Even for a chef who’s worked with Charlie Trotter and Anton Mosimann, cooking at the James Beard House is a bit like scoring a ticket to the Oscars. So when Jason Parsons, executive chef of the Peller Estates Winery Restaurant in Niagara-on-the-Lake, Ont., was invited to the venerable New York City institution earlier this year, he was chuffed. His multi-course extravaganza included such delicacies as poached lobster linguine, and venison infused with cocoa nib, basil and merlot. But he wanted a note of fun, he says, and a gesture that was quintessentially Canadian. So for appetizers, he decided on a punnish take on a classic: that gloriously fatty ring of fried dough known as the doughnut.
Parsons’ version was really a Timbit of sorts: a complex, savoury morsel stuffed with an ice-wine chicken-liver parfait and rolled in crisp feuilletine flakes, sea salt and sage—in other words, related only very distantly, by marriage, several times removed, to that humble treat handed out with double-doubles across this country. “As a chef, you look at things everyone else takes for granted,” Parsons said. “And so doughnuts—it’s that idea of saying, this could so be better.”
He’s not alone in remaking an old standby. The richer, better heeled cousin of the common doughnut is suddenly everywhere. The Doughnut Plant, an industrial-meets-old-timey shoebox of a store on New York City’s Lower East Side, offers beautiful handmade ones in ever changing flavours—orange, rose petal, peanut butter (in a jam doughnut, naturally). Its crème brûlée, feted by Maxim, is a favourite of Mark Isreal, the shop’s owner (and pioneer, by far, of the haute-doughnut trend—he opened years before the craze hit, and has 27 stores in Japan and Korea). At San Francisco’s Dynamo Donuts, you can try caramel de sel or maple-glazed bacon apple. The celebrated Petite Thuet, Marc Thuet’s bakery in Toronto, sells decadent chocolate and plain beignets (hole-less doughnuts) rolled in sugar, and the Corner Café at the Drake Hotel has ones filled with coconut cream, their bestselling flavour, or, in spring, bright pink rhubarb jam, says pastry chef David Chow.
Following the trail blazed by the cupcake, the doughnut is making an appearance on restaurant menus, too. Order it at Corinna Mozo’s Delux Restaurant in Toronto, and a half-dozen warm buttermilk doughnut holes arrive at the table in a white paper bag marked “DONUTS.” Flavoured with cinnamon and nutmeg, they’re delightfully crisp on the outside, moist and light on the inside—like a hush puppy in texture; Mozo gilds the lily by serving them with a little ramekin of Chantilly cream. The Hoof Café, that temple to meat in the same city, does an even cheekier version, a little beignet rolled in sugar and stuffed with beef marrow and tart cherries.
Still, if the doughnut has gone uptown, the principle is the same. And what a principle. The notion of dunking blobs of dough in vats of boiling oil has gratified taste buds for eons. Every culture has its version, from Poland’s paczki, to Italy’s zeppoli, to Indian vadai, a savoury snack that’s a dead ringer for a doughnut. But the doughnut, dusted with sugar or injected with pudding, sold piping hot at fairgrounds or coming off Rube Goldberg industrial assemblies, has a whimsy all its own. Chefs like making it. “The fun part is that they bob around in the oil like duckies in the bathtub,” the chef Michael Psaltis told the New York Times. Perhaps that was the allure for Alain Ducasse, who did one for a time, or why Bobby Flay invited Mark Isreal for a recent Throwdown! (Isreal won.) The doughnut encourages playfulness. “It’s completely malleable, a blank slate,” said Kirsten Anderson of Glazed Donuts Chicago, who has come up with such exuberant creations as mint mojito and Bing cherry balsamic. Isreal admitted his own inventions have occasionally gone too far for clients: basil, fig, even black sesame. “The doughnut was black and people were freaking out,” he said.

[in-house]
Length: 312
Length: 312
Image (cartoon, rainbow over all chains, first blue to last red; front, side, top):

The artisanal doughnut is, despite its modern appearance, a reprisal rather than an invention. The first doughnuts were artisanal: “cakes mingled with oil, of fine flour, fried” are mentioned in the Bible, although it was likely the Dutch, who brought the oliekoek (“oily cake,” literally), a sort of ur-doughnut, to the New World. The treat caught on, their name for it thankfully not. The historian and author Charlotte Gray notes in a speech about doughnuts for a Royal Ontario Museum event there are recipes for beignets in Canada’s first cookbook, La Cuisine Canadienne, published in 1840, and that they were a hard-won treat: “The cook would be cooking over an open hearth?.?.?.?in a dimly lit cabin during winter.”
Labour aside, there is a science to doughnuts. “It’s one of the simpler things, but the simpler something is, the more difficult it is to get perfect,” said Chow, who trained as an engineer before going to culinary school. “My dough is like my child,” said Anderson. “I know how the doughnuts are going to behave based on the way the dough feels, looks, handles.” And every doughnut is a little different. Anderson has just one rule: cake doughnuts only. “Yeast is for bread,” she proclaims.